The BDN Editorial Board operates independently from the newsroom, and does not set policies or contribute to reporting or editing articles elsewhere in the newspaper or on bangordailynews.com.
Roe v. Wade, the 1973 Supreme Court decision, which found that women have a constitutional right to an abortion, was a balancing act. Like more compromises, it was, for lack of a better phrase, a messy decision. In it, the majority of justices recognized the importance of protecting both the rights of women and “potential life.” Accomplishing both was no easy task, but the court’s ruling was upheld in subsequent cases and its precedent stood for decades, until last week.
As the all nine of the current Supreme Court justices made clear in their rulings in last week’s opinions on the right to an abortion, ending a pregnancy is controversial and morally charged. But that’s where the commonality ended. The six justices who voted to strip away this right at the federal level repeatedly bashed – mocked even – the nearly half decade old Roe v. Wade decision, never acknowledging its goal of striking a difficult balance.
Instead, last week’s majority opinion overturning Roe jettisoned the balance previously set by the Supreme Court (and reaffirmed by the 1991 Planned Parenthood v. Casey decision, which the majority also overturned last week) and tossed the rights of women aside, to be decided, the majority of justices blithely opined, by the states. The majority wrapped their decision in language about history and precision, and spent pages writing about fetal viability with barely an acknowledgement of the impacts of pregnancy and abortion on women.
Perhaps, as Chief Justice John Roberts, wrote in a cowardly concurring opinion, the court in Roe didn’t get the balance quite right. But, that, as Roberts wrote, was not a reason to overturn Roe and discard that compromise entirely. Yet, he voted to do so anyway. Instead, the court should have adjusted the balance, which through Roe was based on a determination of when a fetus was viable, meaning it could survive on its own, outside the mother’s womb.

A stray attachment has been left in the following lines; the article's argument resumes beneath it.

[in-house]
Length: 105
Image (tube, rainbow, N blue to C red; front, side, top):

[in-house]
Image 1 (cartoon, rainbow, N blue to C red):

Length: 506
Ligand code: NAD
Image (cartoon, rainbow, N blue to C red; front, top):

The three liberal justices who dissented focused more on the rights of women, and how state-by-state abortion restrictions will harm women, especially those who are poor. As the dissenters noted, some women will die because of this decision, others will lose their financial autonomy, some will suffer psychologically.
Here’s a simple, but crude measure of this dichotomy. The majority opinion, which is 79 pages long, used the word “woman” 56 times, often in footnotes and citations to other cases. In fact, the word “viability” appeared more frequently in the majority decision than did “woman.” The dissenting opinion, 60 pages long, used “woman” 76 times.
In other words, the dissenters focused on women and their rights, and why they matter, ending with this sad lament: “With sorrow — for this Court, but more, for the many millions of American women who have today lost a fundamental constitutional protection —we dissent.”
The majority, for the most part, focused on a tortured legal analysis of fetal viability and state’s rights to restrict abortion. At one point, for example, the majority decision asked: “If, as Roe held, a State’s interest in protecting prenatal life is compelling ‘after viability,’ … why isn’t that interest ‘equally compelling before viability’?” Likely because the state doesn’t have a compelling interest in something that is not yet viable.
It is as if the needs and rights of women were secondary, or even irrelevant to the six conservative justices who stripped at least one of those rights away, returning decisions about limits on abortion to the states. As a result, a woman’s right to bodily autonomy is determined by where she lives, and also by her socioeconomic status and other factors. So much for equality under the law, which ironically is engraved in stone above the entrance to the Supreme Court.